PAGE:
Innovating Women: Changing the Face of Technology, by Vivek Wahwa and Farai Chideya is a crowd-written book with contributions from hundreds of incredible women within the STEM fields. The collaborative writing process provides a comprehensive reference for men and women who are innovating and disrupting STEM industries. I am honored to be part of this inspirational group. Among the contributors are Anousheh Ansari the first female private sector space explorer, Google [X] VP Megan Smith, venture capitalist Heidi Roizen and CEO of Nanobiosym, Patriarch Partners CEO Lynn Tilton, Shaherose Charania Founder & CEO of Women 2.0, and Whitney Johnson Disruption and Innovation Facilitator and Co-Founder of Rose Park Advisors.

Here is an excerpt from Chapter 2: Woman to Woman and speaks to one of my favorite topics, human capital:

One of the age-old challenges women have faced is how much help to expect from other women. Although we found a significant number of women who said they’d had negative or mediocre experiences with female supervisors or colleagues, overall we see leadership and funding circles-by and for female innovators—reshaping the game.

There’s a trend of women reaching out to build new networks, organizations, and systems for women to assist each other. Women in the fields of STEM have used both formal and informal systems to support each other in their careers, entrepreneurship, and educational goals. But how far women’s networking can go in helping to change the game is yet to come.

Technology has become not only a discipline and a job field, but a dream that draws talent toward it. Shaerose Charania was born in Canada and studied business and technology at the University of Western Ontario. In 2005, she took a leap of faith that would change her life. A friend sold her on the idea of going to Silicon Valley. She had a job interview…but didn’t get the job. Nonetheless, she was so entranced with the energy and vision there that she went to her bank, took a line of credit, and moved to technology’s Promise Land, the place where Google was growing and Facebook was taking off.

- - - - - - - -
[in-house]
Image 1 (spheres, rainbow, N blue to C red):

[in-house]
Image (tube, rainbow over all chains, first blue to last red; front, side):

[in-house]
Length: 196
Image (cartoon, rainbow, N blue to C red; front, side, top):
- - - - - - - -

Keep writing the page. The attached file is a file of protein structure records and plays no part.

But things weren’t quite what Charania expected. “I arrived here and noticed-it’s weird, but I was the only girl in the room. I started to get to know a lot of investors, and they were funding their friends from college, their guy friends from their dorm rooms.” At the same time, she was watching female entrepreneurs in emerging economies become more educated and sophisticated and gain access to capital through microloans. As they were continuing to grow in power and develop bigger businesses, the role of women was truly changing in these markets, but “ they wouldn’t find role models when they looked to the West. Which led to the start of Women 2.0.”book_cover

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